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  1. Opinion

Is this Attorney General William Barr’s cry for help?

Maybe his speech at Notre Dame wasn’t a battle cry against his religious or political opponents, but something else. | Catherine Rampell
Catherine Rampell, Washington Post columnist.
Catherine Rampell, Washington Post columnist.
Published Oct. 15

On Friday, in a closed-door speech at the University of Notre Dame, Attorney General William Barr talked at length about a “campaign to destroy the traditional moral order.”

The alleged perpetrator of this campaign?

"Militant secularists," who insist upon keeping government institutions free from the influence of any faith or creed.

To be clear: This was not merely an affirmation -- delivered by a devout Catholic, while visiting a Catholic university -- of how privately taught religious values can contribute to character development or stronger communities.

No. This appeared to be a tacit endorsement of theocracy.

Amid calling for greater freedom of religion, Barr also called for religion (his religion) to infiltrate government at all levels. He specifically decried the fact that "public agencies -- including public schools -- are becoming secularized."

Militant secularism, he said, is to blame for the country's greatest ills, including drug use, mental illness and "an increase in senseless violence." Given such crises, Barr urged his audience to fight back against "so-called 'progressives'" and others who insist upon respecting America's pesky, constitutionally mandated separation of church and state.

"This is not decay," Barr said. "It is organized destruction. Secularists, and their allies among the 'progressives,' have marshalled all the force of mass communications, popular culture, the entertainment industry, and academia in an unremitting assault on religion and traditional values."

There are two ways to read these remarks, which were one of three speeches by administration officials in recent days on Christianity's role in U.S. governance.

One reaction: They're terrifying. This man who swore to uphold the Constitution has apparently forgotten its prohibition on state establishment of religion. Our nation's chief law enforcement officer -- the person ultimately responsible for ensuring equal treatment under the law -- appears to be demonizing anyone who does not share his religious and political values.

But there's also another, more encouraging way to interpret Barr's comments: Maybe it was all just one giant, coded subtweet of the boss.

Welcome to The Resistance, Bill Barr?

Barr decried the government's "attacks on religion." One could be forgiven for reading this as a passive-aggressive swipe at a president who, during the 2016 campaign, called for blocking immigrants based on their religious beliefs.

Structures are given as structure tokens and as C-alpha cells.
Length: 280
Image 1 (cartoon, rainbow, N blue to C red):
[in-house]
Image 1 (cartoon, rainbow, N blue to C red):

Donald Trump's originally proposed "total and complete shutdown of Muslims entering the United States" got watered down after he took office. But even the final version was not exactly an endorsement of religious liberty.

Neither is the administration's recent push to allow greater religious discrimination by enabling federal contractors to hire and fire based on religious belief. This means allowing a for-profit private company to fire an employee for being gay or transgender -- but also for being Catholic rather than Protestant. Companies may "condition employment on acceptance of or adherence to religious tenets as understood by the employing contractor."

Such policies are surely a greater threat to religious freedom than asking, say, cake bakers to respect public accommodation laws.

Barr bemoaned the "unremitting assault" not just on private exercise of faith but also "traditional values." It's hard to know exactly what was being invoked here. Maybe he was envisioning regressive traditions of days past, such as respect for the patriarchy.

But perhaps he was instead invoking traditional values such as: Always keep your word. Keep it in your private business dealings, but also when making promises to friends and allies who have put their lives on the line for you, whether at home or in northern Syria.

Or maybe: Don't boast about grabbing unsuspecting women by the genitals. Also, maybe don't grab them there in the first place.

Or: Don't commit adultery, with a porn star or anyone else, especially not a few months after your third wife gave birth.

Also: The only people who should be asked to participate in American elections are Americans. Not foreign powers, especially not adversarial foreign powers.

Don't lie, cheat or steal (including from Uncle Sam); don't blaspheme; welcome the stranger; have compassion for the poor and sick; and do unto others as you would have them do unto you, even when they don't have political oppo to offer in return.

Barr didn't specifically mention these values, many of which are enshrined in the Judeo-Christian traditions he celebrated in his talk. He did, however, lament the rise of "moral relativism," which he said public schools were "actively promoting." So, too, presumably, are members of his own party, who selectively condemn bad behavior only when committed by someone other than Trump.

So maybe this wasn't a battle cry against Barr's religious or political opponents. Maybe it was just a cry for help.

Catherine Rampell’s email address is crampell@washpost.com. Follow her on Twitter, @crampell.

© 2019 Washington Post Writers Group

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